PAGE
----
I first figured that Gaza might be for sale when Ariel Sharon was accused of corrupt real estate dealings in Greece. And I was right too. Sharon has put together a real estate package in Gaza that is a sleazy developer’s dream: Trading that run-down Gaza dump for the eloquent olive groves and high rises of East Jerusalem and the West Bank. Score! 

That’s like trading the South Bronx for the Garden State—including Princeton, Washington Crossing and Atlantic City. That’s like dumping Mediterranean Avenue and buying the Boardwalk. And Park Place! 

But wait. Won’t the Palestinians at least come out of the deal owning Gaza? Isn’t that a trade up for them? They will now own houses and hotels, right? Wrong. Palestinians will not be passing Go. And they will not be collecting $200. They will not be owning Gaza. Ariel Sharon will still own Gaza. What the Palestinians will be getting from this real estate deal is the right to continue to live in a prison, a jail and a slum.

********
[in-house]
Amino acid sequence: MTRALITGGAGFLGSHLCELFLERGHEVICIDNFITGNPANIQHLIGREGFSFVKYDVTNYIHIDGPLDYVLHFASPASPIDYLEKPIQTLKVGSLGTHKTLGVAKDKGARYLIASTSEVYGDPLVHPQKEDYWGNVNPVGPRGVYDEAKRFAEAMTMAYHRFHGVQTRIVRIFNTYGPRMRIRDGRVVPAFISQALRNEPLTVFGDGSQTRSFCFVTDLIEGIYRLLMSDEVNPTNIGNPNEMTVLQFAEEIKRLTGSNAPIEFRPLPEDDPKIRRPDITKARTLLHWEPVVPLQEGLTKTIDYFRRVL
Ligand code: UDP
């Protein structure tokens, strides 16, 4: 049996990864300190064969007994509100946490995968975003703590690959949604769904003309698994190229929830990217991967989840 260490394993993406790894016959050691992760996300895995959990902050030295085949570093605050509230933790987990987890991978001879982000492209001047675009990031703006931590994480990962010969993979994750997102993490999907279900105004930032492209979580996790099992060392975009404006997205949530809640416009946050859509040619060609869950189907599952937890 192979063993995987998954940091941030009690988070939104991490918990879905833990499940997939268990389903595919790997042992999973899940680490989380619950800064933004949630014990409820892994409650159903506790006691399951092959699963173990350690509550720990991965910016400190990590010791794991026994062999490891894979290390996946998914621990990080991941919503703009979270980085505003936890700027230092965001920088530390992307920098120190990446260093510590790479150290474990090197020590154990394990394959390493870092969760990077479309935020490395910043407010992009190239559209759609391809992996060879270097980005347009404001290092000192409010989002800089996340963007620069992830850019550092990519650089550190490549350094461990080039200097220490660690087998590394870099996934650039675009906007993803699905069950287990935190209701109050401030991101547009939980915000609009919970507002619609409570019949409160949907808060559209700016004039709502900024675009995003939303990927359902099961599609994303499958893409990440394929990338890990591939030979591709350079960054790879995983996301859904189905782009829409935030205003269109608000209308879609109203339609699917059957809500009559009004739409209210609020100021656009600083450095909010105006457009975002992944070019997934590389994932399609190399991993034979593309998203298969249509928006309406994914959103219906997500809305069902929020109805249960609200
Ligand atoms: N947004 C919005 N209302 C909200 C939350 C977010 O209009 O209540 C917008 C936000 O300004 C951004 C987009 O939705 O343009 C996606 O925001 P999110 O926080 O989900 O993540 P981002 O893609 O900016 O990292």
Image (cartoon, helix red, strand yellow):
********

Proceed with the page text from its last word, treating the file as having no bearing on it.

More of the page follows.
What the Palestinians will be getting is a place on a map that is the exact re-creation of the spirit and mood of the ghetto at Warsaw—no more, no less. The Israeli army will surround Gaza on all sides. No one will be let in or out. Watch towers, machine guns and barbed wire will ring the city. Tanks will rumble up and down the streets. The only thing missing to complete this tableau will be the yellow crescents sewn on residents’ clothing—and that can be arranged.  

Being an Arab these days is chillingly similar to being a Jew in 1939. The only difference I can see is that instead of Prescott financing genocide, we now have his grandson George.